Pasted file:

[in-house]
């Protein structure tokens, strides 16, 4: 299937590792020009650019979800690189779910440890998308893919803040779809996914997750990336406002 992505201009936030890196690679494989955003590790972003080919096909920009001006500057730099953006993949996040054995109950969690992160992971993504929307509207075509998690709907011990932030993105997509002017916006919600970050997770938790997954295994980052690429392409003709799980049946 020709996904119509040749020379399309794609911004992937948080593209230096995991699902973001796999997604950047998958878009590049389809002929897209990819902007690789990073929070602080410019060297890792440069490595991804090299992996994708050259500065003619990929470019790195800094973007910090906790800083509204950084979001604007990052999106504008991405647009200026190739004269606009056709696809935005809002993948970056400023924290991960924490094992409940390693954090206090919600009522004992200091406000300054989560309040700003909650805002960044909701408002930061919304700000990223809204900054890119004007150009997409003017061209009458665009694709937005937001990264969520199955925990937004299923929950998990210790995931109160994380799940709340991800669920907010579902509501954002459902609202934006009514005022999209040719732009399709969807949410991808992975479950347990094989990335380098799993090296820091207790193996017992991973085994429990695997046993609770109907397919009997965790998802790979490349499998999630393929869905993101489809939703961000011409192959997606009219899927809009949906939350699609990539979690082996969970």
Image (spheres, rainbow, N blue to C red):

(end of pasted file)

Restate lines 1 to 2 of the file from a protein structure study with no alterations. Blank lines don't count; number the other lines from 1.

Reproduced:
[in-house]
């Protein structure tokens, strides 16, 4: 299937590792020009650019979800690189779910440890998308893919803040779809996914997750990336406002 992505201009936030890196690679494989955003590790972003080919096909920009001006500057730099953006993949996040054995109950969690992160992971993504929307509207075509998690709907011990932030993105997509002017916006919600970050997770938790997954295994980052690429392409003709799980049946 020709996904119509040749020379399309794609911004992937948080593209230096995991699902973001796999997604950047998958878009590049389809002929897209990819902007690789990073929070602080410019060297890792440069490595991804090299992996994708050259500065003619990929470019790195800094973007910090906790800083509204950084979001604007990052999106504008991405647009200026190739004269606009056709696809935005809002993948970056400023924290991960924490094992409940390693954090206090919600009522004992200091406000300054989560309040700003909650805002960044909701408002930061919304700000990223809204900054890119004007150009997409003017061209009458665009694709937005937001990264969520199955925990937004299923929950998990210790995931109160994380799940709340991800669920907010579902509501954002459902609202934006009514005022999209040719732009399709969807949410991808992975479950347990094989990335380098799993090296820091207790193996017992991973085994429990695997046993609770109907397919009997965790998802790979490349499998999630393929869905993101489809939703961000011409192959997606009219899927809009949906939350699609990539979690082996969970």